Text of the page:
His family fled Germany during World War II. Freed designed a space to “resonate with memory.” Although it did not make any specific reference to the Holocaust Memorial Museum, the many elements of the space were meant to create a feeling of unease, disorientation and separation as well as pressure, uncertainty and imbalance in the visitors.
9. Library of Congress
Although admission to the Library of Congress remains free, reservations must be made before you arrive. The process takes approximately 5 minutes, and there are usually more spots available each day. You can reserve tickets up to 30 days before your trip, giving you plenty of time to plan.
Visitors who plan to arrive the night before will have little or no problems. You can still take the Capitol Hill Highlights Guided Tour, even if you forget to reserve your tickets. It runs many times per week. We discuss and see the exterior of the Library of Congress as well as the Supreme Court, US Capitol.
They also arrange a private tour for you to see the Library of Congress. Over 158 million items are housed in the Library of Congress, including books, manuscripts and maps, photographs, films, and other materials.
10. National Museum of Natural History
In 1910, the Smithsonian National Museum of Natural History was opened to promote discovery and education about the natural world. The museum’s signature features include its green dome and enormous size (comparable 18 football fields), as well as the 140,000,000+ natural science specimens and cultural artifacts. The Museum of Natural History, Washington, DC, is located centrally on the National Mall.
Admission is free, as with all Smithsonian Institution museums. The museum’s normal hours are from 10 a.m. to 5:30 p.m.; however, hours are extended in the spring and summer when it closes at 7:30 p.m. The museum is open all year, except for Dec. 25. Public transportation is the best way to get to the museum. Parking is limited, but there are plenty of spaces for disabled visitors.
It houses some of the most well-known artifacts around the globe. Janet Annenberg Hooker Hall for Geology, Gems and Minerals displays the allegedly cursed Hope Diamond. Q?rius, the museum’s education center, provides teens and tweens with a laboratory where they can make scientific discoveries. The museum’s David H. Koch Hall of Fossils has been reopened after a five year renovation.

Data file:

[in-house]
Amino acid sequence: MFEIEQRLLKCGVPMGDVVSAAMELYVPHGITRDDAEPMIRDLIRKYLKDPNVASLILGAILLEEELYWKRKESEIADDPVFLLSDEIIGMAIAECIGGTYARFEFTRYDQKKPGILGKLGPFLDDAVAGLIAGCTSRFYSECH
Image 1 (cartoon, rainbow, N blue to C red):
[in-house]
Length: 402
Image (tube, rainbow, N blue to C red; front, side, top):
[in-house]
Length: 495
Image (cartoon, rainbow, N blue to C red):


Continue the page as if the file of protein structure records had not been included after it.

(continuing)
Deep Time is the exhibit’s theme. It spans 31,000 square feet and was inspired by a scientific phrase that explains how Earth’s history unfolds over billions of year. Expect to be dazzled, amazed, overwhelmed, and engaged by one of DC’s largest exhibitions in years. An insect zo, and The Sant Ocean Hall with a exact replica of a North Atlantic right whale are two other permanent exhibits.
11. National Museum of American History
The National Museum of American History is found on Constitution Avenue NW. It runs parallel to the National Mall. The museum presents America’s rich history through extensive exhibits, research and outreach. The museum has more than three million artifacts in its collection, including Dorothy’s ruby slippers from The Wizard of Oz and sheet music by DC legend Duke Ellington.
It is easiest to get there via Metrorail or Metrobus. Smithsonian is the closest Metro stop, located on the Blue, Orange, and Silver lines. You can take the 32, 34, and 36 Metrobus routes to the National Mall. There you will find the most famous monuments and memorials. Madison Drive NW is the designated parking area. The facility is accessible for those with disabilities.
The museum is a treasure trove of Americana and is beloved for its collection of the Star Spangled Banner Flag. It flew over Fort McHenry, Baltimore during the War of 1812, which inspired Francis Scott Key to create our national anthem. Now it is on permanent display. The top hat that President Abraham Lincoln wore on April 14, 1865 when he went to Ford’s Theatre, and was later assassinated by John Wilkes Booth is another treasured item.
An exhibit entitled A Glorious Burden includes a variety of presidential relics. The museum covers 750,000 square feet and contains more than just presidential artifacts. The First Ladies honors the women who stood beside our leaders. It also contains more than two dozen dresses, fine china, and other furnishings. Don’t forget about the ruby slippers mentioned in the American Stories exhibit.
This fascinating collection of artifacts that tell stories throughout American history is worth a look. Admire Julia Child’s home kitchen, a part the FOOD : Transforming America’s Table 1950-2000 exhibit, which explores the evolution of American eating habits through new technologies, forward-thinking and cultural shifts.
In separate exhibits, the evolution of American business and transportation are also highlighted. The America On the Move exhibit is car-friendly and features the first automobile to be driven across the United States. It also includes a 40-foot section of Route 66, among other 340 objects. American Enterprise focuses on the country’s commercial innovations over the past 300 years.
12. National Museum of African American History and Culture
The Smithsonian National Museum of African American History and Culture is located at 14th Street and Constitution Avenue NW, on the National Mall. On Sept. 24, 2016, the museum was opened on four levels. It is the only national museum that is solely focused on the documentation of African American history, culture, and life.
The Smithsonian Institution museum features many interactive exhibits. The museum is open from 11 a.m. to 4 p.m. on Wednesdays and Sundays. You can get there by either the Metrorail, or the DC Circulator. Federal Triangle is the closest Metro station on the Orange, Silver and Blue lines.